Thursday, November 12, 2009

Cultural Education Center

On the south end of the Empire State Plaza, directly opposite the state capitol, sits the Cultural Education Center, an imposing monument of a building that houses the New York State Museum, the state library and archives, and the New York State Office of Cultural Education.

The CEC seen from the Dunn Memorial Bridge.

The building was finished in 1976. A grand stair rises up from the plaza, crossing over Madison Avenue, to a platform where the main bulk of the eleven-story building sits. The stair is designed to serve as seating for a stage that's built on the plaza level below.

Great marble-clad columns and arches support the bulk of the building.

When I worked in the plaza, I would often spend my lunch hour wandering around inside the museum, taking in exhibits reflecting the history and culture of the state. There is a collection of rocks and precious stones, a hall of birds and small mammals, dioramas of the last ice age and many scenes of the daily life of the native populations of New York State, exhibits on the Adirondack mountain range, the old lumber industry, New York City's history, buildings, and subways, and a recently added somber exhibit of wrecked pieces of the World Trade Center.

The stair on the left over Madison Avenue.

I understand that the original concept for this end of the plaza was to build an arch, kind of like the gateway arch that stands in St. Louis, Missouri. I'm not sure how or why that idea was scuttled, but I think I'm glad it was. The building that was built here is grand and serves a purpose. The arch would have been a bit hokey, in my humble opinion.

A lot of marble went into the construction of the plaza buildings.

The building sits as a symmetrical counterpoint to the state capitol it faces. One quarter mile separates the two buildings in space; nearly a century separates their style in time. The grand arches and glassed-in lobby make the building seem to float above its platform. The museum is located below the platform on the ground floor the building.

A life-sized mastodon in Upstate New York.

9 comments:

  1. That old church looks almost ugly next to the clean modern lines of the newer buildings. They look rather smart, grand and business-like.

    What does "hokey" mean ?

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  2. First of all, welcome home. I know you must be DEE-LIGHTED. It just wasn't right without you there.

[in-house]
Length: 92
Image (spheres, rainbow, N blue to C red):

Having said that, I've been enthralled by your NY State Capitol Complex stories. What an architectural tour de force...a modern day Acropolis. I will now begin to do more research. The guiding hand of Nelson Rockefeller is certainly at work here.

    Good luck defining "hokey" without offending anyone. :-)

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  3. Jean, hokey means, to me, something like, amateurish (like, in its design and conception), and it suggests something that is unsophisticated and unrefined -- definitely something that would not be considered "classic" as the years went on.

    How'd I do, Bill? :)) Let's see what other folks would offer to expand on my explanation. :)

    Judy
    p.s. I'm sure that Walt meant that an Arch there in albany would have seemed hokey, but OUR arch here in St. Louis, is NOT hokey ;))) It's rather grand (and it's really huge and well made) :) And, considering that this area really WAS the gateway to expansion into the West, its symbolism, situated as it is on the banks of the Mississippi, between Illinois and Missouri, is lovely. Since we're mentioning it, here it is, in all its glory:
    here

    and here

    and here!

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  4. ooops.... I meant to Capitalize Albany :))

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  5. Very good on the "hokey" definition, Judy, but you lost points for the Freudian slip on "a"lbany.

    I, of coarse, must agree with you about the grandeur of the St. Louis Arch...my wife grew up in St. Louis.

    p.s. Word verification is "ingst"...another kind of angst?

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  6. Have I not gone far enough back in the archives to discover what happened in your life that you should end up in France?

    France seems so much more YOU than Upstate NY.

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  7. Wonder if the mastodons will re-appear in the new ice age?

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  8. Stephen, as I've observed it (and pieced it together), Walt's is a tale of:
    1. Studying abroad in Paris
    2. Enjoying the heck out of said year abroad
    3. Meeting "the one" during said year abroad
    4. Sharing, with "the one", a constant pull for return to France over the years
    5. Finally grabbing the chance when the moment came, and giving up the hectic big city American life for a return to life with abundant garden, wine, baguette, and countryside adventures

    Bill, your wife grew up in St. Louis?! Where!?

    Judy

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  9. judy, good job on hokey. I would ad contrived and artificial, to your definition.

    bill, I am glad to be home again, but I had a great visit.

    stephen, it's a long story, and I'm not sure I've told it all... but judy's short version is pretty close!

    starman, interesting question...

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